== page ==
RealTime IT News

Decision Help For The PhD-Impaired?

Ilog has rolled out a solution allowing line-of-business owners to take part in decision-optimization work that has thus far been the exclusive province of optimization experts.

The Optimization Decision Management System (ODMS) allows executives to review predictive mathematical models in terms they can understand, and help translate strategic decisions into tactical and operational decisions.

Thus, they can perform what-if analysis and scenario comparisons so they can understand their options and balance conflicting business goals, such as service level agreements and various costs such as labor or fuel.

Heretofore, these business owners had to rely on PhD-level mathematicians to develop those predictive models.

According to Jeff Kilbreth, director of optimizations product marketing for ILOG, ODMS allows business owners to peek into the black box and give quicker, more accurate feedback to the math wizards.

"Historically there needed to be a mathematical god to build the models. ODMS is making it easy for business people to participate in the model development process and trust the results of the models," he told internetnews.com.

ODMS allows the developers to generate a working application for which executives can provide feedback.

"With a working decision support application, the non-mathematician can easily understand all of the costs, constraints, resources, and goals" input into the model.

This allows them to vet the assumptions made by the developer.

"They tell the optimization expert what is missing or incorrect and then they do it again. Typically three prototype applications gets you to a final model and therefore a final application," said Kilbreth.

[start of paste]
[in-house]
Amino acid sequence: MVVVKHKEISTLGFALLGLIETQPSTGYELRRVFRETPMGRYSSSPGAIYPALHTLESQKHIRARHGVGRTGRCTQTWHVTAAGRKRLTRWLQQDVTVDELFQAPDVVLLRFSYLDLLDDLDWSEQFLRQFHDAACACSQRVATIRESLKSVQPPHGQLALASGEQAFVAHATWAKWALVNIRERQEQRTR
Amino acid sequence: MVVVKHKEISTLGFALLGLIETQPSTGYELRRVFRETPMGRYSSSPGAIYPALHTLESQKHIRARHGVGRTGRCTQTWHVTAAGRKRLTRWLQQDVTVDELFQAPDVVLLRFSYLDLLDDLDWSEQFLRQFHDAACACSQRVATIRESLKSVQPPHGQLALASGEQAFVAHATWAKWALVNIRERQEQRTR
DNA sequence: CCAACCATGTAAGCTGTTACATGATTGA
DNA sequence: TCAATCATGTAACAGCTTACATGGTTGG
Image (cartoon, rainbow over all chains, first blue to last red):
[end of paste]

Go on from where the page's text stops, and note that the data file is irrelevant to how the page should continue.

"Business users won't use the information unless they're sure they can trust it," he added.

Most companies using this type of solution are in manufacturing, where ODMS can be used to resolve supply chain issues like optimizing truck routes or raw materials utilization.

Solutions of this kind are also being used to resolve complex decision-making puzzles in other industries, such as scheduling staff in large hospitals, pricing routes in the airline industry or calculating portfolio weightings in financial services.

Ilog solutions are already imbedded as rules engines within supply chain applications from vendors like SAP and Manhattan Associates .

But the modeling used by those applications tends to be too generic for many larger companies with specialized problems to resolve.

Ilog solutions have also been adopted as stand-alone applications run by operations research professionals at large enterprises.

Ilog says 88 of the world's 200 largest companies use its solutions to build their own optimization models.

Bob Parker, vice president of research at Manufacturing Insight, noted that ODMS will help companies actually implement better decisions more quickly.

"What this gets you is you can iterate the decisions much faster," he explained.

ODMS doesn't solve every problem in the decision chain, however.

"You still need to write the new decision back to the transaction system so you operate against that [new] plan. That process is still not streamlined," Parker said.

Still, he said, the solution addresses a very real problem.

"It's something that's been needed in the market in this area for quite a while," he told internetnews.com.

Manufacturing Insight includes decision optimization modeling as part of the business intelligence market, which Parker said drives approximately 20 percent of external IT spending.

"We see that doubling over the next five years," he said. "Demand for this is really going to grow."

Ilog currently generates $50 million from decision optimization solutions, and Kilbreth said the company expects to double that figure within three years.

Kilbreth said the solution costs anywhere from $250,000 to $500,000, depending on the amount of customization of the ODM-generated screens, the complexity of the optimization model, the complexity of the integration work and whether the company has any operations research skills in-house.